Learning to Rest

Like many virtues in life, the most valuable and beneficial things come at a cost. We mess up, make mistakes and through the school of hard knocks we finally learn the lessons we wished we had learned years earlier.

One such lesson in the Christian life is the lesson of learning to rest.  God intends that the first step of every new believer is to learn to rest.  I know, that is opposite of what most of us experienced.  Most of us jumped in with both feet, with eyes wide open attempting to “do all we can do for God”.  It didn’t take long for us to experience burnout.  When we couple a little weariness with church problems we come to the point where we say, “There has got to be more to the Christian life?”  At this point, the result is sometimes church burnout.

Why does this burnout stage occur? Some would say that we took on too much too quickly.  Others would say there were spiritual maturity issues; we needed to grow more before we attempted to do church work.  Those may have been contributing factors, but I think the main problem is we neglected the resting stage.

It is instinctive to human nature to begin the process of “doing” as soon as we have a meaningful spiritual experience such as salvation.  We have heard the good news of the gospel, it has impacted our life, now we must get busy and tell someone else.  We are correct that we should tell others, that is a mandate for all committed followers of Christ. However, the first step in the Christian walk is not doing but rather learning to rest.

The principles of Scripture teach that our degree of success in ministry is directly connected to how much we learn to rest. The Apostle Paul so eloquently portrays that truth in Ephesians:

“…He(God) raised Him(Jesus) from the dead, and made him to sit at his right hand in heavenly places far above all rule, and authority, and power, and dominion…(1:17-21)

“And raised us up with him, and made us to sit with him in heavenly places, in Christ Jesus… (2:6-9)

Notice that God first made Jesus to sit, then his made us to sit with Him. As Watchmen Nee writes in his book Sit, Walk and Stand, “Christianity does not begin with walking but with sitting.”
Jesus sat down at the right hand of the Father because his work was finished. He paid the debt for our sin once and for all.  No more sacrifices, no more burnt incenses, no more entering in the Holy of Holies once a year to apply the blood to atone for sin.  Man’s futile attempt to keep the law was now fulfilled in Jesus.

We first see the principle of resting in creation.  God made everything in six days. At the end of the sixth day He made man.  On the seventh day God rested. That means that man’s first full day on earth was a day of rest.

Why is our first duty as a believer to learn to rest? Why is resting so important to God? Listed below are five key reasons that resting is important to every committed follower of Jesus.

  1. Resting is an indication that we understand that our salvation is a work of God’s grace and not our self-effort. Our good deeds, learning the catechism or being baptized will not get us to heaven. Salvation is only received as a free gift, we can’t earn it. It is only through accepting by faith Jesus’ finished work on the cross, in our behalf, can we receive this free gift of salvation.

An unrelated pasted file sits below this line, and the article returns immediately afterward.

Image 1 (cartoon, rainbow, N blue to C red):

2. Resting is the acknowledgment of our absolute dependence upon Him.  Apart from the living Christ within us, we can do nothing. (John 15:5) Our ability and power to be fruitful is directly related to being connected to the true vine, which is Christ.
  3. In resting we realize that our power to bear spiritual fruit comes from a higher source. Our talent and ability is practically useless unless it has been empowered by the Holy Spirit. The scripture teaches us that we are to be filled with the Spirit of God for effective and fruitful ministry. (Ephesians 5:18)
  4. Resting is a time to realize that the same Holy Spirit that drew us to Christ has formed a union with us. He is our companion 24/7. He leads and guides us toward truth, He goes before us and prepares our daily path, and He opens the hearts and minds of those we come in contact with. He prepares their heart for what He will lead us to say to them.
  5. Resting prepares our heart to have fellowship with the God of the universe. It is in those quiet moments of resting that we hear His tender voice and we receive those gems of wisdom and sense His overwhelming love.

As you can see, resting is an important step in preparing us for effective ministry. If we “hit the ground running” we can get so busy doing good that we may miss God. Make no mistake about it, the Lord wants us to be proactive in the kingdom, but not before we learn to rest. You can be more productive in five minutes with the power of God on your life, because you have spent time resting, than you can in five years of working in your own strength.

“Let us therefore be diligent to enter into that rest…”(Hebrews 4)

For more on this subject of resting, I suggest you purchase a copy of the little booklet by Watchman Nee entitled, “Sit, Walk and Stand.” You can find copy at most Christian bookstores or you can order from Amazon. It is available in Kindle format.

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